NOPD defends resistance to turning over Vappie investigation to Federal Consent Decree Monitor
NEW ORLEANS (WVUE) - One day after the Federal Consent Decree Monitor criticized the New Orleans Police Department for failing to hand over a copy of the Public Integrity Bureau investigative report of officer Jeffrey Vappie, the NOPD says the monitor is wrongfully interpreting the guidelines of the consent decree.
The monitor maintained that since the investigation into Vappie included questions about possible payroll fraud, which would be criminal, the investigation should have been turned over. The monitor said the investigation fell under the umbrella of “serious misconduct,” which guidelines state is relevant to report to the Consent Decree monitor.
Related: Federal monitor raises concerns about Vappie investigation leaks, NOPD’s compliance with consent decree
In a statement Thursday, the NOPD disagreed, saying the Vappie investigation didn’t involve “criminal misconduct,” “untruthfulness, or giving false statements.”
Head of the Metropolitan Crime Commission Rafael Goyeneche says if Vappie lied on his timesheets, that would fall under the category of untruthfulness, which would also be considered serious misconduct.
“They define one of the misconduct complaints that qualifies as truthfulness or false statements. So, this is an administrative investigation, and it deals with his duties that were performed, and so, it’s getting into whether or not he made any untruthful or false statements,” Goyeneche said.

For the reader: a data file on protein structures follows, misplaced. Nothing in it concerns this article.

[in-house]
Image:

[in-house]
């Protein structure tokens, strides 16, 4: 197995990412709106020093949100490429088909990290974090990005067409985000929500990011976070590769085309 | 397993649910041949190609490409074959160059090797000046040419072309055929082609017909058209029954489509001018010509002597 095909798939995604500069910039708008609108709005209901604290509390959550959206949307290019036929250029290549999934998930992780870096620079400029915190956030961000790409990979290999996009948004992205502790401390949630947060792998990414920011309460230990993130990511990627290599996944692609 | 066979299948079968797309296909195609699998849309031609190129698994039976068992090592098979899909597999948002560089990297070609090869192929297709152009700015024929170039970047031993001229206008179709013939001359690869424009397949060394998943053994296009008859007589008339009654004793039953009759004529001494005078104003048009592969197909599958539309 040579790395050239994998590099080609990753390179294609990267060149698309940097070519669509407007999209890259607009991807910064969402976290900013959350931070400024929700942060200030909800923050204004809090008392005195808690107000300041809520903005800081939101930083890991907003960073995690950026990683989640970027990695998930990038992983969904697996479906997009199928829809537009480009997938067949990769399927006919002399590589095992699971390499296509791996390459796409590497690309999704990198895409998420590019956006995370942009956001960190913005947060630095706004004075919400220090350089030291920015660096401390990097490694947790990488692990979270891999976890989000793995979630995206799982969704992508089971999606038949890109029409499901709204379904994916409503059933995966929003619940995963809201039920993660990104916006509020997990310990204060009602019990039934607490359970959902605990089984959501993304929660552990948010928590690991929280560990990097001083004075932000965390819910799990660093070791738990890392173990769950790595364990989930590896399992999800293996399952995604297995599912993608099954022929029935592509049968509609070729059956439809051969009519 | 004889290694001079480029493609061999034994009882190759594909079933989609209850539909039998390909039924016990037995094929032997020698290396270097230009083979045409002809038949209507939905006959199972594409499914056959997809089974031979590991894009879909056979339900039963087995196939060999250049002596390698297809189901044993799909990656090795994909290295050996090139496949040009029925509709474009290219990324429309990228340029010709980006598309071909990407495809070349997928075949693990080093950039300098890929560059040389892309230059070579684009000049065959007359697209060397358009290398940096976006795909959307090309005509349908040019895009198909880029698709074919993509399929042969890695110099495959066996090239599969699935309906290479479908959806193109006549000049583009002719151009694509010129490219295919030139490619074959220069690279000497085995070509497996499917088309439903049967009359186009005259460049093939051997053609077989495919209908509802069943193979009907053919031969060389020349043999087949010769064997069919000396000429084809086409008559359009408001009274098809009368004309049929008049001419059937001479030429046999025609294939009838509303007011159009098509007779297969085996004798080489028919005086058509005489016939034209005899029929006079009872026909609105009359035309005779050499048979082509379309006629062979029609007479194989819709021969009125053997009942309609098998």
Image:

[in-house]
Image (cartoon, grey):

The NOPD did eventually turn over a copy of the report in early April. That completed PIB investigation shows the Deputy Superintendent of the PIB signed the report, then signed it again, on the signature line of Interim Superintendent Michelle Woodfork.
The NOPD says that is standard practice and that Woodfork did not review the investigation before it was signed for her. Goyeneche said because the Vappie investigation had so much attention from city leaders and the media, he would have expected the superintendent to be briefed.
“So, there is precedent for the superintendent to allow someone to sign on their behalf. But this is a high-level investigation that impacts the Mayor of the City of New Orleans. And I think it is something that the superintendent should make the time to review and concur with rather than just assigning her signature authority to someone else without her being briefed on it,” Goyeneche said.
The NOPD says the policy of signing for the superintendent has been used for years, but the department will now reexamine the practice to determine if it should be stopped.
The NOPD also disagreed with the Consent Decree Monitor’s suggestion that investigators should have obtained Vappie’s cell phone as part of the investigation. NOPD claimed that would have violated Vappie’s Fourth Amendment rights.
However, Goyeneche said the Fourth Amendment only applies to criminal charges, and since Vappie indicated to investigators that he communicated with Mayor Cantrell on his cell phone, the device could have contained information relevant to the Public Integrity Bureau’s investigation.
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